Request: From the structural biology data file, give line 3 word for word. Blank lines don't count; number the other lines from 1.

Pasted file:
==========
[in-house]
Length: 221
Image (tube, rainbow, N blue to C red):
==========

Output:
Image (tube, rainbow, N blue to C red):